Kansas shooter’s actions cannot and do not speak for US
Does the shooting make the US less of a destination for anyone with dreams of making it big as Satya Nadella, Microsoft CEO from Hyderabad, Sunder Pichai, Google CEO from further south Chennai, or Vinod Khosla, co-founder of Sun Microsystems from Delhi? Less safe? After all, how could a drink at a bar with a colleague after work end so badly?world Updated: Feb 26, 2017 08:22 IST
Sri Srinivasan’s family moved to Kansas when he was only four. He grew up a basketball fanatic, going to the same high school as a future star of the sport. And eventually went on to become the first Indian-American judge of a court of appeals, roughly like India’s high court, and was a top contender for a vacancy that fell open on the US supreme court bench in 2016, which would have been historic in many ways — as the first Indian-American, the first Asian-American and the first Hindu American named justice to the highest court in the country.
Judge Srinivasan, as he is called, grew up in Lawrence, a 30-minute drive from Olathe, where an apparently inebriated US navy veteran killed Srinivas Kuchibotla, an IT engineer from Hyderabad, past Wednesday mistaking him for a Middle-Easterner, and telling him to “get out of my country”. Investigators are still trying to determine the exact motives of the shooter, Adam Purinton, but he will not be the first American to feel that way about people from the Middle-East, specially after the September 11, 2001 attacks.
But does the shooting make the United States less of a destination for anyone with dreams of making it big as Satya Nadella, Microsoft CEO from Hyderabad, Sunder Pichai, Google CEO from further south Chennai, or Vinod Khosla, co-founder of Sun Microsystems from Delhi? Less safe? After all, how could a drink at a bar with a colleague after work end so badly?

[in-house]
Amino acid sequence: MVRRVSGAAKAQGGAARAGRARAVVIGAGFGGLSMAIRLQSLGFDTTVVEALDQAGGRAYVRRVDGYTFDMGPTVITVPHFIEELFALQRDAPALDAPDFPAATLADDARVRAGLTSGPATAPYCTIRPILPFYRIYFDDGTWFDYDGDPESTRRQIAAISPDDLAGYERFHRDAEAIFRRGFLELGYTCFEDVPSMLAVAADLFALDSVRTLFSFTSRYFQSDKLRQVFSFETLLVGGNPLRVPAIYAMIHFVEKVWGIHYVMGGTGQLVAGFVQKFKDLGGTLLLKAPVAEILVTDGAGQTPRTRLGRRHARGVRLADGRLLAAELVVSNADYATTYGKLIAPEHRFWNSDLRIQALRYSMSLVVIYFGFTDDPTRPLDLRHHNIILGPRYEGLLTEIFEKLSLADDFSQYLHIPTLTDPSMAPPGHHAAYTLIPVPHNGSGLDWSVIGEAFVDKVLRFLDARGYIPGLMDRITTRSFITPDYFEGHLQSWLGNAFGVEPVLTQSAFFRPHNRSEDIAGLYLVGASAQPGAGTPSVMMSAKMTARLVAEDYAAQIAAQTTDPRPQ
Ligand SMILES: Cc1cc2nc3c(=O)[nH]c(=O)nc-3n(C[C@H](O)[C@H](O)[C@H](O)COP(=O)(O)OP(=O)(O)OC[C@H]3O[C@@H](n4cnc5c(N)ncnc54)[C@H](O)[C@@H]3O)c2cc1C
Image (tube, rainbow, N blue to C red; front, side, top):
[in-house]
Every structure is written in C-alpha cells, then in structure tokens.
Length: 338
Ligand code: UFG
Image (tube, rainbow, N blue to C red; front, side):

Is President Donald Trump’s America any less safe? While condemning the killings, the White House has dismissed any links to the president’s rhetorics as has been suggested by some, but there are worries and concerns arising out of a surge in ethnic, religious and racial tensions in the aftermath of his election.
But Purinton cannot, and does not speak for Kansas or the United States. Judge Srinivasan has never complained about racial slights he or his family might have faced growing up in Kansas and local news publications had covered his elevation to the appeals court and his possible move to the Supreme Court with unrestrained pride.
He was one of them, and they wanted to celebrate his achievements as they would of anyone else. He might have, as all immigrants, faced stereotyping — Indians are mocked, often by Indian comics — for nodding their head excessively as they listen; their accent, and they may have all faced one time or another intended or unintended slights.
Things can get worse, and have gotten worse for some. Balbir Singh Sandhu, an immigrant from Punjab, became the first victim of the backlash after the September 9, 2001, terrorist attack. He was shot dead at his gas station in Arizona by a man who mistook him for a Middle-Easterner. Six men and women were gunned down by a white supremacist an attack on a Wisconsin gurudwara in 2013. But Sandhu’s relatives chose to stay, and so have those of Wisconsin victims.
And it may not be pointed out to those feeling uncertain, don’t forget Ian Gillort, the Kansas man who was shot by Purinton trying to save Kuchibotla and his colleague Alok Madasani. “No, it’s not like that,” Grillot said in a vide about being hailed as a hero. “I was just doing what anyone should have done for another human being. It’s not about where he was from or his ethnicity. We’re all humans. I just felt I did what was naturally right to do.” His sister has said he wishes he could have done more.
It is reasonable to feel unsafe and insecure after every such incident, but, as a young immigrant from India, said Friday, “People back home must realize the US is no less safe today than it was yesterday or the day before, or tomorrow.”